Action potentials were recorded from isolated goldfish retinae maintained in a superfusate of Ringer's solution. Responses to flashes of light and maintained discharges were obtained from 84 cells. The properties of these cells were compared to those in two other goldfish preparations: the isolated retina maintained in a flow of moist oxygen and the self-respiring fish. Maintained discharges of cells in the superfused retinae tended to have lower mean firing rates, higher variability, and weaker high-pass properties than had been observed in the previous preparations. These properties seemed insensitive to the particular formulae used to superfuse the retinae.
Cobalt, which disables synapses, dramatically reduced maintained firing and eliminated photic responses. Cells that did fire in the presence of cobalt generally had low variabilities before cobalt was added; their firing in cobalt was considerably more variable than the baseline. Nevertheless, cobalt did not seem to change the temporal dependency (high-pass properties) of the maintained discharges. The cholinergic agonist carbachol had an excitatory effect upon 71% of the cells tested. Bursty or oscillatory firing in cobalt was rendered more regular by the addition of carbachol. With the exception of the mean firing rate, none of the statistical properties of the maintained discharge differed in cobalt plus carbachol from those in normal Ringer's solution.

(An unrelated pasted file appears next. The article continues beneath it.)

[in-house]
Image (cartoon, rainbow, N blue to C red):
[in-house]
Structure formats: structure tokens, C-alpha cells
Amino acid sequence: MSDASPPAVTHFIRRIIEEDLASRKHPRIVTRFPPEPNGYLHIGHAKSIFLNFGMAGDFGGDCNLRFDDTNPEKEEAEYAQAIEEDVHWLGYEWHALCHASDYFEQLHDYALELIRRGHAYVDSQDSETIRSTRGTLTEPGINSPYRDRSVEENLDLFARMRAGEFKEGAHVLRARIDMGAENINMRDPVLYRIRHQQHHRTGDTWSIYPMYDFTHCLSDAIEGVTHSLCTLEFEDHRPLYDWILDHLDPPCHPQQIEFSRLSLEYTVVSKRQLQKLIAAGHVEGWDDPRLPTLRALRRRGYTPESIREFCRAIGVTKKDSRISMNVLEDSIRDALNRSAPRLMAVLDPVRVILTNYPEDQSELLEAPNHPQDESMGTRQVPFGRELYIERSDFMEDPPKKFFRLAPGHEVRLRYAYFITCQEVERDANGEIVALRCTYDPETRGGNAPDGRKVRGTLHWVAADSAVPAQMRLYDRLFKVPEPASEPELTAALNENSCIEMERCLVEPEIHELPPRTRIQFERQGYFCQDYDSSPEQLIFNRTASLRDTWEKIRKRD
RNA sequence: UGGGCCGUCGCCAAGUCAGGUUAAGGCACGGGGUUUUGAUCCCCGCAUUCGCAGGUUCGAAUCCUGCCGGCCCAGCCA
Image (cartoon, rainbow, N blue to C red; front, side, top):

There was a tendency for the statistical properties of the maintained discharge after the treatment to approach those of the previously reported preparations; the treatment was at least partially responsible for the drift in properties. The results are discussed in terms of the possible sources of variability in the ganglion cell's discharge, with particular reference to the high-pass filter that appears to act upon it.